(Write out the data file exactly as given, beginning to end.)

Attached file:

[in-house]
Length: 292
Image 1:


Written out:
[in-house]
Length: 292
Image 1: